It isn't just that all the rain has been a problem. it's the fact that the rain isn't going anywhere, and piling up.
Many roadways are completely submerged under water.
Some people in Dundee were busy moving equipment to higher ground so that it doesn't get washed away.
"I've got some buddies coming down we're going to start moving some stuff out. Try to save some of the stuff anyway," Mark Edge said.
Edge has lived in Dundee for over 40 years and says he thinks that this storm and flooding is going to be the worst of them all.
"I've seen it pretty bad but I believe it will get worse than anything i've ever seen. The way the water is coming in and we're going to get that rain tonight and it will open up the dam," he said.
The Dundee Volunteer Fire Department was also busy making sure all of their equipment would be safe if the water keeps rising.
"You know preparing for the water. You know as you can see it's rising we're just taking care of the station we're expecting water to come into the station so right now we're preparing the station for any more rising water," Chief Danny Pogue said.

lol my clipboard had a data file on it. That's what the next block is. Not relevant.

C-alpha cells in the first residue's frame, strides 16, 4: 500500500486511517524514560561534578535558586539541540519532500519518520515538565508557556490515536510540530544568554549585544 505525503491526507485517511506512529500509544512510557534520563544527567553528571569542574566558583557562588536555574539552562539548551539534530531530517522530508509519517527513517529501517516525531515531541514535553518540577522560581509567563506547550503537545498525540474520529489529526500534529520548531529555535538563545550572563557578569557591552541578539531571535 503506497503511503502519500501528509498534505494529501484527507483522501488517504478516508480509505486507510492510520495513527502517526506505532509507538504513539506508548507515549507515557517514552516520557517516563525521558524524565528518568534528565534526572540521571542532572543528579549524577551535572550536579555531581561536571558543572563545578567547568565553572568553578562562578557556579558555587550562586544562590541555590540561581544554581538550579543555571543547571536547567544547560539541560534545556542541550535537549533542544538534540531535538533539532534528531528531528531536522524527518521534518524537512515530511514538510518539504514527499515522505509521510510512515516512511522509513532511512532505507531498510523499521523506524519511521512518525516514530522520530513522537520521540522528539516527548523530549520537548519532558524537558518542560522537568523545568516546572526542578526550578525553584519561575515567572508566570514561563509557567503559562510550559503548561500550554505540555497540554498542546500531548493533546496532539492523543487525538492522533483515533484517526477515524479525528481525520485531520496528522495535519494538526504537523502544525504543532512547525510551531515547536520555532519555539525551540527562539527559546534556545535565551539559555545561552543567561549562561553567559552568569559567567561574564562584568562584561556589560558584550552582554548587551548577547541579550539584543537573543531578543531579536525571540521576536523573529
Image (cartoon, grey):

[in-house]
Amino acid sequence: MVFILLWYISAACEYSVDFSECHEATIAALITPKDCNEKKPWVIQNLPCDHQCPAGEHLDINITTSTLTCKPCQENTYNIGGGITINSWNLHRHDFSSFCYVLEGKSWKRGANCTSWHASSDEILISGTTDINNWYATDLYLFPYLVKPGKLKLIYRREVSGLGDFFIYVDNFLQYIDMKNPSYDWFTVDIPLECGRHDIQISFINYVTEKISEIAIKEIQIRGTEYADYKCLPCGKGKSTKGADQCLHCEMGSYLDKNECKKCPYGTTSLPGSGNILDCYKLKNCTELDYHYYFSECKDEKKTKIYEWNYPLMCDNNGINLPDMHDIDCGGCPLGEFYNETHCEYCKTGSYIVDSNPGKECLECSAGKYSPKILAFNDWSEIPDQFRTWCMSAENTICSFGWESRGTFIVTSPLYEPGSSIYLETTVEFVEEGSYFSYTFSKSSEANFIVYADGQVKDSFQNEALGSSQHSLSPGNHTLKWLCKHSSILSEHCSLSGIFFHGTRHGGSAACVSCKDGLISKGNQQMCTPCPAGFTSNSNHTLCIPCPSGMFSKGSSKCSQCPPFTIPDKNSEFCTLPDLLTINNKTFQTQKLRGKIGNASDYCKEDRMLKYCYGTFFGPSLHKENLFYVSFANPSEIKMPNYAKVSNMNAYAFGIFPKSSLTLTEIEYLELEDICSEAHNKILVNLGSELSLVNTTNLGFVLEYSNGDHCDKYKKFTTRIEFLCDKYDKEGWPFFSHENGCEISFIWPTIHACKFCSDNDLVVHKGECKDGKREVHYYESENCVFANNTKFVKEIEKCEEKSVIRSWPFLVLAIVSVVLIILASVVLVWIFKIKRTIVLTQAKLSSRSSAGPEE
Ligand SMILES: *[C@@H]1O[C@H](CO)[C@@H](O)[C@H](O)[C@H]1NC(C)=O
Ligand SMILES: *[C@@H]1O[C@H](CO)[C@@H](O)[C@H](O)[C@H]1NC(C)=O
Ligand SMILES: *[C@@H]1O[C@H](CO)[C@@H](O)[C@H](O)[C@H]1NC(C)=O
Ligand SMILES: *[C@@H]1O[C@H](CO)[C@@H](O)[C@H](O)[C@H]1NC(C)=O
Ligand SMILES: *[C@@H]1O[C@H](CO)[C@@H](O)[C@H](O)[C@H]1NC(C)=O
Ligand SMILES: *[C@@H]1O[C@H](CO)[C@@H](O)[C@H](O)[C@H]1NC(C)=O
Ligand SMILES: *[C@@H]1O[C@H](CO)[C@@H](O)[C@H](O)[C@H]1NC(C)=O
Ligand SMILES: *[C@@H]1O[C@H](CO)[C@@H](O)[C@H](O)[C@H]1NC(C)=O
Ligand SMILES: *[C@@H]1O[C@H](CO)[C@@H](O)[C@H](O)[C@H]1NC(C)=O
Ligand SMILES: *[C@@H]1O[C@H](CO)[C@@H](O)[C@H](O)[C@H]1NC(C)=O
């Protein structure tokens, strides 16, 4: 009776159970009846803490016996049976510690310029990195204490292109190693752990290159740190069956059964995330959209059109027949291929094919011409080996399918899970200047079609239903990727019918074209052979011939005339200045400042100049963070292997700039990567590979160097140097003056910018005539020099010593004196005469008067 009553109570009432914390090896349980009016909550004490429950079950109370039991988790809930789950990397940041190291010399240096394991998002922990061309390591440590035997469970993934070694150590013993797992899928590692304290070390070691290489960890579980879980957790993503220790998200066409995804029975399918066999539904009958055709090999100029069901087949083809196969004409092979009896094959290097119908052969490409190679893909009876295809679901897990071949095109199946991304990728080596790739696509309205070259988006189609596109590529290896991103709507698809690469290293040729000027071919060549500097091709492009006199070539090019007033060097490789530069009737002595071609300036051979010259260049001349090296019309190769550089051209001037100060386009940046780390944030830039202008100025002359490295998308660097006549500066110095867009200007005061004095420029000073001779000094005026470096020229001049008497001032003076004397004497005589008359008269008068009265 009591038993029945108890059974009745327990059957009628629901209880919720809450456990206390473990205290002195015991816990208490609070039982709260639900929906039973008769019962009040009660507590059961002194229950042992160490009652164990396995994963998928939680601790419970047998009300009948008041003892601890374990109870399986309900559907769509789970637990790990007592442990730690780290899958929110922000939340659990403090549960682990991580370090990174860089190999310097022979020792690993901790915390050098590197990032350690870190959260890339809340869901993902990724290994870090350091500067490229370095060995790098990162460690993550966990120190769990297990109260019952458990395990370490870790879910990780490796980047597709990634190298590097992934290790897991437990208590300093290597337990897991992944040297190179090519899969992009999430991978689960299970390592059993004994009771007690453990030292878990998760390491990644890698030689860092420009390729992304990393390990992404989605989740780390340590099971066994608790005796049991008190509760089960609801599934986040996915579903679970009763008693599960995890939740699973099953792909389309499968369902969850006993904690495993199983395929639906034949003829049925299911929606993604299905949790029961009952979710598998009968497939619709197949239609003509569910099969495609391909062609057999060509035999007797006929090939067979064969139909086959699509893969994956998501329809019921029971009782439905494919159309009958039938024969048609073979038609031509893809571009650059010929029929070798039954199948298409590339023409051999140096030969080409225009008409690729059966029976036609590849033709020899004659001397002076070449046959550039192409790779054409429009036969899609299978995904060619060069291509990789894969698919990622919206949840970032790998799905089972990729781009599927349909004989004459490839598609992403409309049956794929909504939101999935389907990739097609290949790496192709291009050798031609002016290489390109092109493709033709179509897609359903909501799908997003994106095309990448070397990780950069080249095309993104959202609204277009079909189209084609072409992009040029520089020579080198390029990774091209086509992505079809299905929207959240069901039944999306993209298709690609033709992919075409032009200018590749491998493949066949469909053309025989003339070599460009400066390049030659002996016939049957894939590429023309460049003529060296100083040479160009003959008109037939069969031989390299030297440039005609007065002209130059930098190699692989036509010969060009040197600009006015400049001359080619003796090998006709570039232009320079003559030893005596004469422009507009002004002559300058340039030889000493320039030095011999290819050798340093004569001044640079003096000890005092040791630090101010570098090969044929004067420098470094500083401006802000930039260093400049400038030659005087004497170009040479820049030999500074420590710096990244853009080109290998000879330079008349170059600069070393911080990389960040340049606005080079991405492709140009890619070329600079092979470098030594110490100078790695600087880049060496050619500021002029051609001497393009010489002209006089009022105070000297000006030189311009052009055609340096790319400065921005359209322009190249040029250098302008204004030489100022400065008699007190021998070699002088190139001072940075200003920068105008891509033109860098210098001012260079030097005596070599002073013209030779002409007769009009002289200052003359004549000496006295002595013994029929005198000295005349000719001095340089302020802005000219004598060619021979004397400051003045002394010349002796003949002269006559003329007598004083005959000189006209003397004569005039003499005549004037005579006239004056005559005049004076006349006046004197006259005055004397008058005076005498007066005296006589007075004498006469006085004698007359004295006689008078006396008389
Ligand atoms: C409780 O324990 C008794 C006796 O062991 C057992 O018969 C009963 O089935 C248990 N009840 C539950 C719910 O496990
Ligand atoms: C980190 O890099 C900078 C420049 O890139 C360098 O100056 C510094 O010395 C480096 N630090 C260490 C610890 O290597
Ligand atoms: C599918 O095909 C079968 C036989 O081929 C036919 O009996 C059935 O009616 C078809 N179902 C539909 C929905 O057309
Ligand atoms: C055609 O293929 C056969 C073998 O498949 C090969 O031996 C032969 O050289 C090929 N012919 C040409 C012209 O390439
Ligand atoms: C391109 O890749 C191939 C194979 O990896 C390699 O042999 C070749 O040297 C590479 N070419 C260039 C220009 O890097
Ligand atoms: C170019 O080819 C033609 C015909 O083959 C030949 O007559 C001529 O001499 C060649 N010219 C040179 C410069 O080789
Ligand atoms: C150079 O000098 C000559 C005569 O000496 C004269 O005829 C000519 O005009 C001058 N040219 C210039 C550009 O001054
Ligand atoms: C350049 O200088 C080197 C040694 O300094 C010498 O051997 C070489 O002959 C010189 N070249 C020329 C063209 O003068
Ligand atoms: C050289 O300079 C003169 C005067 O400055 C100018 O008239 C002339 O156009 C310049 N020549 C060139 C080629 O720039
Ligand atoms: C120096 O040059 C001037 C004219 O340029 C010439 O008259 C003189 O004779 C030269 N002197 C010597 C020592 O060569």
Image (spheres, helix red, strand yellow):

Pogue has been on the department for 13 years and says all of this rain and how quickly it is coming is something new to him.
"Something kind of new to all of us you know but you know this time it's not ice we're dealing with but water. We did play a role during the ice storm of evacuation and assistance in that and now it's water," he said.
He adds that other firefighters from the Ohio County area made their way to Dundee to help out if they were needed.
"You know I got help from other departments working together to make sure we get to give everyone the opportunity to evacuate if that's the call made," he said.
Dundee ended up not having to evacuate.
And the national weather service now confirms a tornado touch-down last night in a rural part of Ohio County.
Officials say it happened in a remote area and didn't cause any damage so they're not going to rate it on the E-F scale.